Developing a safety monitoring system for exposed gas pipelines
Gas pipelines mounted on bridges and other above-ground supports are subject to many types of potential damage. A monitoring system warns of safety incidents.
Sung-Kyung Hong from the R&D Institute, Korea Gas Corporation, writes of his firsthand experience designing and implementing a monitoring system for exposed gas pipelines using accelerometers to detect damage.
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“We designed the safety management system to monitor the structural safety of exposed gas pipelines. With these exposed pipelines, the city cannot always stop gas flow immediately, which can lead to extensive large-scale damage if an accident occurs. In addition, many of the exposed gas pipelines are attached to bridges. Even though the bridges were initially constructed properly, many factors, including secular changes, fewer support members to hook up the pipeline, problems related to the bridge structure, and intentional damage to the pipeline make it difficult to implement safety management systems during bridge development. To ensure complete safety, we needed a highly reliable, 24-hour monitoring system that was not subject to downtime, even in environments with poor conditions.
“Drilling construction, also known as ‘other construction,’ occurs in areas where pipelines are buried below ground level of the gas pipeline view, such as subway and ground lamp construction. When this type of construction begins, we implement suspension protection to guard the exposed pipelines. Because exposed pipelines increase the risk of accidents, we set up on-site management or shorten the inspection period to reinforce safety management by performing more frequent inspections.
“We used CompactRIO hardware from National Instruments to install our highly reliable system in environments with poor conditions, such as construction sites or bridges, to continuously monitor and secure the safety of exposed gas pipelines. We also developed this system to be free from erroneous operations, even when the warning alarm was triggered.
“We developed the system using the NI cRIO-9004 embedded real-time controller and the NI cRIO-9103 four-slot, 3M gate reconfigurable embedded chassis. We used a microelectromechanical-based accelerometer to measure the exposed pipeline oscillation. This accelerometer was less expensive than an integrated electronic piezoelectric (IEPE) accelerometer because its signal was less diminished over the line length, and it used regular cabling instead of coaxial. Therefore, we used the NI 9201 C Series analog input module instead of the NI 9233 C Series four-channel dynamic signal acquisition module.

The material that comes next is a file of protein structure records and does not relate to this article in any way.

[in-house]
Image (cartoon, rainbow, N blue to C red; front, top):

“With the NI 9237 bridge and strain measurement module, we measured the stress change of the exposed pipelines. Because we needed the strain gage to measure the length of the pipeline, we installed the half bridge to decrease the noise impact over the line length.
“We also installed equipment to generate the short message service (SMS) using code division multiple access (CDMA) so that safety management field workers could receive warning alarms at any position via cell phone. We installed the CDMA equipment as the serial interface and programmed the system to sound a warning alarm when anything regarding oscillation or strain exceeded the levels initially established.
“To ensure we achieved our goal of to secure 24-hour pipeline monitoring, we needed dependable hardware that would not experience downtime so that the system could operate properly if accidents occurred, even in environments with poor conditions. We chose to use CompactRIO as the system hardware because it was dependable and durable, which influenced how we applied the sensors.”
Edited by Peter Welander, pwelander(at)cfemedia.com
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